Using the Shelly Plug to monitor Starlink's power consumption

I recently wrote about using a Raspberry Pi to remotely monitor an Internet connection, and in my case, to monitor Starlink (SpaceX's satellite Internet service).

Power Consumption Grafana dashboard with Shelly Plug US power usage coming through

One other important thing I wanted to monitor was how much power Starlink used over time, and I was considering just manually taking a reading off my Kill-A-Watt every morning, but that's boring. And not very accurate since it's one point in time per day.

Shelly Plug US

Digging around, I found out about the Shelly Plug US, which had its own little built-in HTTP API and a supposedly-accurate power monitor. It's based on the ESP8266, and you can even flash alternative firmware like Tasmota for more control over the device.

Getting Shelly Plug US

At the time of writing, the Shelly Plug US seemed to be stuck in pre-order status, but there were some available on eBay, so I bought one from someone who seemed reputable there.

When it arrived, it was in a very tidy little box hardly larger than the plug itself, and I am happy to report it's not a fake or knockoff (I'm always a little nervous buying IoT devices from eBay. Though Amazon has also been vying for the 'who should I trust the least' slot lately).

Setting up the Shelly Plug

I didn't want to create a Shelly Cloud account, use the Shelly App, and all that jazz. I'd rather not have some of my home's electrical infrastructure controllable over the Internet by default.

So instead, I did the following:

  1. Plug in the Shelly Plug, and plug a load into it (in this case, my Starlink power brick, which powers the Starlink dish and router).
  2. Press the power button on it to turn it on.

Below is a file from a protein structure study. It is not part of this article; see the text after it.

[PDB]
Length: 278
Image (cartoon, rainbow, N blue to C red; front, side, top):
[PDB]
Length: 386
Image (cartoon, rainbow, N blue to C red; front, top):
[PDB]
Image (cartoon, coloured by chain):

3. On my Mac, connect to the shellyplug___ network (the Plug is in AP mode by default).
  4. Wait for a DHCP address on my Mac, then connect to the .1 of that CIDR (in my case, I connected to in my browser).

At this point, I got to the Shelly Plug web UI:

Shelly Plug US - Web UI

I went to the 'Internet & Security' pane, and set the Plug to connect to my existing WiFi network (note: the Plug only operates on 2.4 GHz, so don't try connecting to a 5 GHz-only network!):

Shelly Plug - WiFi Client Mode connection settings

Then I used fing (you could also use nmap) to find the new Shelly plug once it had connected to my WiFi network. If you set a static IP you could skip this step.

I connected back to it again, then updated my DHCP and DNS servers to add a static IP address and DNS mapping for the plug, so it would be easy to connect to it inside my house at

Note: I also updated the device's firmware at this point, and set a Web UI access password. It's better than nothing, but in general, if you don't trust the company that makes the device (and even if you do...), don't buy it, or segregate it on a separate WiFi network.

Getting power consumption

I dug into the Shelly Plug API to see how I could get the one valuable bit of information I wanted out of it: the current power consumption.

And it looks like I can get that data through the endpoint /meter/0, so I confirmed as much with curl:

$ curl
{"power":85.05,"overpower":0.00,"is_valid":true,"timestamp":1618501251,"counters":[90.138, 26.141, 0.000],"total":116}

The power is returned in Watts, and the total is "Total energy consumed by the attached electrical appliance in Watt-minute", which I'm guessing is reset every now and then. No problem, we'll be using the spot value from power, and we can aggregate the data to get things like daily/weekly/monthly totals later.

Monitoring the data with Prometheus and Grafana

All right, so I have a way to get the data from the Shelly plug, but I want to add a graph of this data over time, to see if there are any trends (e.g. does Dishy consume more energy at night, or on a cloudy or stormy day?), and to have a 100% accurate calculation of the kilowatt-hours of energy it consumes (which can be converted into a cost estimation for other people interested in Starlink).